From: Ian Horrocks <horrocks@cs.man.ac.uk>

Date: Mon, 19 Aug 2002 11:48:47 +0100

Message-ID: <15712.52495.145253.769319@merlin.oaklands.net>

To: Richard Fikes <fikes@KSL.Stanford.EDU>

Cc: www-rdf-logic@w3.org

Date: Mon, 19 Aug 2002 11:48:47 +0100

Message-ID: <15712.52495.145253.769319@merlin.oaklands.net>

To: Richard Fikes <fikes@KSL.Stanford.EDU>

Cc: www-rdf-logic@w3.org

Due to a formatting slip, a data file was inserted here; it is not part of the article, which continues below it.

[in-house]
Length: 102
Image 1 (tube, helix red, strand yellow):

Richard, No one (not me at least) is saying that the "axiomatic semantics" is not interesting/useful, but it is hard to see how it can live up to the claims being made for it - often, it must be said, by people other than yourself. On August 17, Richard Fikes writes: > > As the co-author of the "axiomatic semantics" for RDF, RDF-S, DAML-ONT, > and DAML+OIL, I want to comment on some points that Ian made earlier in > this discussion about such semantic specifications. > > > While it is clear that, in some cases, it is useful to be able to talk > > about classes as instances, we should be clear that this means going > > outside first order logic into higher order logic (HOL), because we > > can now have predicates as the arguments of other predicates. If we > > accept classes as instances, then even OWL Lite (which is supposed to > > be "viewed by tool builders to be easy enough and useful enough to > > support") will be a HOL. > > That is not true. KIF (Knowledge Interchange Format) 3.0, for example, > is a first-order logic (FOL) and includes predicates in the domain of > discourse. In KIF 3.0, quantification over predicates is allowed by > using a "holds" predicate that takes a predicate and its arguments as > its arguments. One can argue whether or not the inclusion of "holds" > takes one out of first-order, but it is at worst a simple extension of > "classical" FOL that is easily understood. Well, it may be easily understood, but it is still an extension. > > It is also worth pointing out that such axiomatisations are invariably > > large and complex, and that it is difficult/impossible to be sure that > > they are correct. E.g., take a look at the axiomatisation of > > DAML+OIL/RDF in [3], which contains around 140 axioms. FOL reasoners > > can be used to detect "obvious" inconsistencies (as happened with > > earlier versions of [3]), but simply ironing these out is a LONG way > > from proving that the axiomatisation correctly captures the meaning of > > the language. > > The axiomatization of RDF, RDF-S, and DAML+OIL in [3] is large because > we made minimal assumptions about the underlying logic and about the > interpretation of properties. That is, we assumed only classical FOL > with no "holds" predicate and no set theory. So, the axiomatization > includes many axioms that would not need to be there if we had assumed a > set theory. If we had assumed that properties are predicates, a "holds" > predicate, and set theory, then the number of axioms would be > dramatically smaller and each axiom would be shorter. With those > assumptions, which correspond to the assumptions made when specifying a > model theory, the axiomatic semantics would be directly analogous to the > model theory in size and complexity. What you seem to be saying here is that by assuming the existence of an *axiomatisation* of set theory, your axiomatisation could be simpler. This is not hard to believe. It is *not*, however, the same as the case of a model theory, which uses set theory directly and not via an axiomatisation. Another important point is that your axiomatisation makes heavy use of lists and a number of list predicates without a complete specification of their meaning. Adding a complete axiomatisation of lists and list predicates would presumably add significantly to the complexity. > The advantages of the FOL axiomatization are as follows as expressed in > our papers: > > "First, the translations enable the use of traditional FOL automatic > theorem provers and problem solvers to answer queries and search for > logical inconsistencies in theories represented in the new languages. This is of theoretical interest, but of limited practical value. The additional complexity introduced by the axiomatisation itself, and the fact that many important optimisations would be rendered useless, would mean that reasoning with this kind of axiomatisation using a FOL theorem prover would be hopelessly inefficient. Even reasoning with DAML+OIL/OWL via a direct translation into FOL (i.e., classes as unary predicates) is problematical due to the counting quantifiers (cardinality restrictions), which cannot be efficiently handled by state of the art FOL implementations. I note that in your axiomatisation this problem is "hidden" by the use of "No Repeats Lists" and list predicates such as "length" for which a complete axiomatisation is not provided. To be honest, this part of the axiomatisation is a good example of my complaint in that it is very hard to understand, and very hard to see how it works. Note that I am not claiming that it doesn't work, simply that it is very hard to be sure what the consequences of these axioms would be and if they correspond to the simple conditions given in the model theoretic semantics. > Second, unlike standard descriptions of model-theoretic semantics, since > the constraints on the mappings are represented as axioms in a language > for which automatic reasoning tools are available, those constraints can > be subjected to critique using those tools to discover inconsistencies > and redundancies, and to determine whether they entail (only) intended > consequences. Tools to support such critiques are particularly > important for the semantic specifications of languages that are still in > the development process (as is DAML+OIL), since they can help the > developers debug and understand the consequences of proposed language > changes. Is the axiomatisation intended to be a specification of the intended semantics of the logic, or an implementation of a reasoner for the logic? You seem to want it to be both. In particular, you seem to suggest using the axiomatisation as implementation to check the axiomatisation as specification. By definition, the two should always agree. You say that this process can be used to "discover inconsistencies and redundancies, and to determine whether they entail (only) intended consequences". If this is useful, then it can only be because the axiomatisation is sufficiently complex as to be likely to contain errors - which is the very point I was making, and which in my view makes such an axiomatisation unsuitable as the basic specification of the intended meaning of the language. Moreover, how do you know what really are the intended consequences if not by appeal to a simple declarative specification of the semantics? This is exactly what a model theoretic semantics provides. Finally, you say that tools are used to determine whether the axiomatisation entails "(only) intended consequences". As FOL is undecidable, the best you can do is fail to find any unintended consequences. Failure to find unintended consequences does not mean that the axiomatisation is correct, simply that you either didn't try the right test yet, or that your FOL prover is incomplete for some (unintended) consequences. Similarly, failure to find an intended consequence does not mean that the axiomatisation is incorrect as it may be that your FOL prover is incomplete for this consequence. This situation might be acceptable, even inevitable, for an implementation, but is highly undesirable for a semantic specification. > Third, although the current versions of these languages could be > translated into a subset of FOL (e.g., into a description logic), the > development plan for DAML+OIL is to significantly expand its expressive > power in order to more fully support the expected representational > demands of Semantic Web ontologies. The use of FOL translations and FOL > reasoning methods are expected to be accommodative, supportive, and > increasingly necessary as the expressive power of the language is > expanded." I completely agree that FOL translation and theorem proving could be a very useful tool as the expressive power of DAML+OIL is extended. I do not see, however, how this argues in favour of an FOL axiomatisation being the basic specification of the semantics of the language. Regards, Ian > > RichardReceived on Monday, 19 August 2002 06:51:12 UTC